T’was the week after Christmas, and all through the house
there was plenty of food for the opportune mouse!
There was cold Christmas pud which no-one could eat,
and the fridge was still groaning with left-over meat.
Scraps of wrapping were strewn all over the floor,
and remote controlled cars crashed into the door.
The grown-ups were having a lie-in in bed,
and plans for their lego filled the little kids’ heads.
The Christmas tree drooped as it started to die,
and the pile of recycling was 2 metres high!
The children were hyper with too many sweets,
and instead of cards, Christmas greetings were Tweets!
The church was now empty – no people or song
and abandoned Christingles were starting to pong.
The Nativity scene figures looked all forlorn –
Did anyone care that the Saviour was born?
The Boxing-day sales were swelling the mall,
and no-one remembered the Christ-child at all.
Why did we celebrate his birth at this time?
and forget him next day as the cash registers chime?
Jesus was born for the sake of us all,
for the man sleeping rough, for the crowd in the mall,
for the over-fed, under-fed, all in-between,
for the poor and the rich, the generous and mean.
We must remember him every day
and give thanks to God that he saved us this way –
not with a Santa and reindeer-drawn sleigh,
but a vulnerable baby, asleep in the hay.
Rev. Felicity O’Brien Boxing Day 2013
I was listening to Luke 2 today, describing the journey Joseph and Mary made to Bethlehem. Several things struck me – and one may be the result of the other. They were going to his own town, his ancestral town. Surely there would have been relatives in Bethlehem who could have given Joseph and his pregnant fiancée a bed? What had gone wrong in his family so that the important codes of hospitality were not being observed? Maybe all Joseph’s relatives were no longer alive, or had moved elsewhere, and like Mary and Joseph were looking for accommodation too. Or maybe there had been some terrible disrupt in the family – many families today have problems where one person is seen as the ‘black sheep’, where no one will give them the time of day, let alone open their house. I urge you, if there is a problem like that in your family – and many families have issues – please try to forgive, and to let yourself be forgiven, and open your heart to your own family, no matter how awful they have been.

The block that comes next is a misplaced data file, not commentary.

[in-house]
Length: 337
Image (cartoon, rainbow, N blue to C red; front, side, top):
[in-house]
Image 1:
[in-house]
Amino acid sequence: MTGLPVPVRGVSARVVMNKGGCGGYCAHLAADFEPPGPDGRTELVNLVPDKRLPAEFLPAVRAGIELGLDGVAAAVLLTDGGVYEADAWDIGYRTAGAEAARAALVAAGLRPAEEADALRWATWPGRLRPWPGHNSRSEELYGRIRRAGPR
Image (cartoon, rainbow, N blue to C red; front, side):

It’s entirely possible that Joseph and Mary were rejected by their own relatives. Why? Another part of Luke 2 gives a hint – Joseph was engaged to Mary, who was heavily pregnant. They were not yet married. There had been rumours about the coming baby which would float around for years, and maybe the relatives just couldn’t bear the thought of an unmarried couple with a baby nearly there contaminating their house.
As Christians we must guard against this attitude. Many Christians are very judgemental about people who live together, have their families, buy a house, a dog, a trampoline – in short, set up a family, without the legal status of marriage. Is it any of our business? A resounding NO! If it’s good enough for God to be born to an irregular couple, it’s good enough for us to accept those as a couple who regard themselves as one. The Bible continues to surprise us with the sort of people God uses to further the Truth, and human judgementalism and rule-making, which is unfortunately very noticeable in the church, can get in the way of God’s work.
This Christmas, let us welcome those we have rejected, and those who have rejected us. And let’s give thanks for families of all shapes and sizes – if they love each other, that’s a God-thing!
It’s Advent! Our family always has a real tree, so yesterday we headed up to our local school where we had permission to take a wilding pine. We found our perfect tree, and between four kids and myself, we cut it down, plus a couple of smaller ones for the kids’ bedrooms – yes I know it’ll make a mess but the smell is glorious!
When my son and I were carrying our tree home, we heard a strange noise, like wind rushing through the trees, but it was coming, not from the distant treetops, but from the tree over our shoulders! It was really weird hearing the wind in the branches we were carrying!
I got to thinking – the Holy Spirit is like that, isn’t it? We can notice the Holy Spirit’s movements and actions when they are a bit distant from us, we can rejoice at healings and answered prayers, but how easy it is to miss the very work of the Spirit in our own lives! So often we don’t recognise what the Spirit is doing for us, because we’re so busy and distracted, and sometimes we’re just not looking for it.